What is A Microdose?

psilocybin magic truffles microdose

A microdose is a sub perceptual amount of a psychedelic substance. This means that the effects are very subtle and are barely noticeable, if at all. Generally a microdose is approximately 1/10 – 1/20th of a medium dose, so you won’t see any walls melting.

Benefits Of Microdosing

As well as a generally improved sense of wellbeing, there are many reasons why people are microdosing psychedelics and, despite my concerns on the trend, the list of benefits people are reporting is impressive and includes:

Improved mood, alleviation of anxiety and depression, enhanced creativity, productivity, problem solving, improved energy levels, quitting nicotine and other addictions.

Interested in experiencing psilocybin in a legal and private setting? Contact me to find out more and set up a discovery call.

Negative Effects

There is the other side of the coin too, and negative effects reported include: increased anxiety, impaired focus, and cognitive interference.

Below is an image from a survey study by The Conversation which asked microdosers about their main benefits and challenges that gives a good general overview at a glance. Visit their summary article on the study here.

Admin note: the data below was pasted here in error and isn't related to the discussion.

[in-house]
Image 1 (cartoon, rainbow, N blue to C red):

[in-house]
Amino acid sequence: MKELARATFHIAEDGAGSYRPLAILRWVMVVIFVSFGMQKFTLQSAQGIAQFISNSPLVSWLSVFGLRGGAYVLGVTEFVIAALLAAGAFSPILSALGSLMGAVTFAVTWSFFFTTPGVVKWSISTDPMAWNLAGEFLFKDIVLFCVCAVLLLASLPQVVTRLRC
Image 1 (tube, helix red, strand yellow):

microdosing benefits challenges

Note: If you drink coffee and experience anxiety, try stopping or at least reducing your coffee intake. Something about coffee combined with microdosing seems to increase the chances of anxiety.

Short & Long Term Effects

The benefits of microdosing are reported over two time spans: short and long term. Short term is seeing an improvement or benefit directly and immediately; on the days one microdoses and maybe a residual effect on the day after. Long term is seeing a general improvement over time, a cumulative effect after weeks and months of regular dosing.

Psilocybin vs. LSD

psilocybin shrooms lsd

A survey study found that people microdosing psilocybin (magic mushrooms or truffles) were less likely to report anxiety and other unwanted side effects than those on LSD. The same study found that those who microdosed LSD were much more likely to report cognitive enhancement and effects such as focus and creativity.